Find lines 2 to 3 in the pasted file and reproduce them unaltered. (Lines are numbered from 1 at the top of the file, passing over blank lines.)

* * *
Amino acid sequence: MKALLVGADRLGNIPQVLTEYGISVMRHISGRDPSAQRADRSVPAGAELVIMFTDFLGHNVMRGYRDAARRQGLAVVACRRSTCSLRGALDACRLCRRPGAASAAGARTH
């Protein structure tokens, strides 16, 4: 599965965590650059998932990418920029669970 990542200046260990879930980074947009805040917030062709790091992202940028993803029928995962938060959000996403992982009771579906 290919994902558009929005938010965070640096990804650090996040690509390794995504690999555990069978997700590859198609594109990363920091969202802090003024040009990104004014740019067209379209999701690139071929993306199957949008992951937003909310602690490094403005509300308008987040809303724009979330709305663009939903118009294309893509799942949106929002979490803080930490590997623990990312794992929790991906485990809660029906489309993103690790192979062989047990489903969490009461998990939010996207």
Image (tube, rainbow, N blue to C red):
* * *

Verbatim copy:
């Protein structure tokens, strides 16, 4: 599965965590650059998932990418920029669970 990542200046260990879930980074947009805040917030062709790091992202940028993803029928995962938060959000996403992982009771579906 290919994902558009929005938010965070640096990804650090996040690509390794995504690999555990069978997700590859198609594109990363920091969202802090003024040009990104004014740019067209379209999701690139071929993306199957949008992951937003909310602690490094403005509300308008987040809303724009979330709305663009939903118009294309893509799942949106929002979490803080930490590997623990990312794992929790991906485990809660029906489309993103690790192979062989047990489903969490009461998990939010996207």
Image (tube, rainbow, N blue to C red):